Arlington, VA (Oct. 26, 2017) — More than two-thirds of US colleges view transfer students as considerably important in meeting enrollment goals, according to new survey results released today by the National Association for College Admission Counseling (NACAC).
The finding — included in the 14th annual edition of NACAC’s State of College Admission report — confirms that more colleges and universities are relying on transfer students to help fill their classes. National data show that more than one-third of all students switch schools sometime during their college career.
A greater proportion of public colleges (80 percent) rated transfer students as considerably important when compared to private colleges (62 percent). Colleges with larger enrollments and those with higher acceptance rates also rated transfer admission as more important to meeting enrollment goals.
“The landscape of higher education is shifting,” said NACAC CEO Joyce Smith. “As colleges and universities adopt new methods to help students get to and through college, transfer student outreach has taken on a larger role within the admission profession. As the number of transfer students continues to grow, institutions will need to be attentive to this population’s unique needs during the admission process.”
NACAC’s State of College Admission — an annual report examining the transition from high school to postsecondary education — features survey data collected from colleges and universities across the country. This year’s report marks the third time the publication has included data related to transfer student admission.
According to the report, overall GPA at prior postsecondary institutions and grades in transferable college courses are the top admission factors for transfer applicants. And although the acceptance rate is slightly lower for the transfer students than for first-time freshmen, yield is much higher. Colleges reported that almost two-thirds (65 percent) of transfer applicants who were admitted ultimately enrolled, compared to just 28 percent of freshmen.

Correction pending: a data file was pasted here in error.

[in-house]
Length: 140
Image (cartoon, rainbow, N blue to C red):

Other noteworthy findings from the report include:
• Application Growth Continues: Between the Fall 2015 and Fall 2016 admission cycles, the number of applications from first-time freshmen increased 7 percent; applications from prospective transfer students increased by 1 percent; and international student applications increased by 13 percent, on average.
• Use of Early Action and Early Decision Increased: Between Fall 2015 and Fall 2016, colleges reported an average increase of 5 percent in the number of Early Decision applicants and 6 percent in Early Decision admits. The number of Early Action applications increased by 15 percent, while Early Action admits increased by 16 percent, on average. (See application definitions on page 5 of Statement of Principles of Good Practice: NACAC’s Code of Ethics and Professional Practices.)
• Colleges Accept Nearly Two-Thirds of First-Time Freshmen: The average selectivity rate at four-year colleges for Fall 2015 was 66.1 percent, edging up from 65.8 percent in Fall 2014 after reaching a low of 63.9 percent in Fall 2012. The top factors in the admission decision were grades in college preparatory courses, overall high school GPA, admission test scores, and strength of curriculum.
Read the full report.
The National Association for College Admission Counseling (NACAC), founded in 1937, is an organization of nearly 16,000 professionals from around the world dedicated to serving students as they make choices about pursuing postsecondary education. NACAC is committed to maintaining high standards that foster ethical and social responsibility among those involved in the transition process, as outlined in the association's Statement of Principles of Good Practice: NACAC’s Code of Ethics and Professional Practices.
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